We then examined respondent demographics across experimental groups (Table 3). No significant differences were observed in general for age, gender, ethnicity, or educational attainment. There was a significant difference in non-whites across groups, with the highest proportion found in the Web/Paper option (18.0 percent). Comparing this study demographics to the most recent (2006) statistics published for the entire nurse population in North Carolina, we found our respondents were older, more were female, and more were white. This pattern may reflect changing demographics, or demographic differences between oncology nurses working in outpatient facilities and the general nurse population. This pattern may also be due to differential nonresponse patterns, which are well documented in general population surveys (Groves and Couper 1998; Johnson et al. 2002). We were encouraged that despite a concern for differential nonresponse, the experimental treatments did not have an impact on that pattern.
Cost is an important factor to consider in assessing different data collection protocols. In our study design, we explored whether adding a Web-based survey would increase cost efficiencies in the data collection. Web-based surveys have the potential to increase cost efficiencies because they involve fewer costs that are variable by the number of respondents. In our study, the only variable cost associated with the Web-based survey was the required paper mailed invitations (because we did not have e-mail addresses).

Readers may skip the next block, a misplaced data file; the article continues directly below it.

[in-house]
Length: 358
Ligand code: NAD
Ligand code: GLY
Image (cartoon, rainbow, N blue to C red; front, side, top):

For this analysis, we considered the paper only mode as the baseline for the cost comparisons. Using cost data for the execution of this study, we computed a total cost for each treatment group. Because there were some differences in response rates by group, we also computed a cost per completed interview. Managing and coordinating the methodological experiment added to the overall cost of the study. Therefore we have used proportional increases from the baseline cost (there were no decreases) rather than the total cost to measure the impact of a Web option on data collection cost. Table 4 presents these results.
The groups that included the Web-based survey had higher costs than the paper-only (baseline) group, with a range of increased costs between 28.2 and 36.1 percent. However, given the difference in the response for each group, when examined at a cost per complete, we find there was a much larger difference, between 51.5 and 108.2 percent. In all cases, the paper only mode was the most cost-effective group. The Web/paper option group was the most costly, given the added cost and the lower overall response.
In concluding this study, we note the following caveats:
- Our tight timeline and cut-off period for response compelled us to mail reminders sooner than is typically recommended. It is possible that the increased response observed after the second mailing is merely an artifact of the first mailing. These increased mailings were thus less efficient and more costly compared with a more traditional 6-week time period for data collection.
- One may speculate that the web to paper group’s response rate may have increased if we allowed a longer period for follow up.
- No e-mails were available for this sample – which reduced our ability to deploy the Web-based survey. These results should not guide the design of a study where e-mail addresses are available.
- Our sample size was 1,339. Higher sample sizes may have an impact on the cost efficiency – the more mail surveys used, the lower the cost benefit of using them.
With those points in mind, in a study of outpatient-based oncology nurses where e-mail addresses were unavailable, we observed higher responses and lower costs when we used a paper survey. We did not observe tangible improvements in response with the addition of a costly web option.
This research was supported by a Pathway to Independence Award from the National Institute of Nursing Research, National Institute of Health, R00 NR10750 (Friese), and through the University of Michigan’s Cancer Center Support Grant (5 P30 CA46592).
The American Association for Public Opinion Research. 2009. Standard Definitions: Final Dispositions of Case Codes and Outcome Rates for Surveys. 6th edition. AAPOR.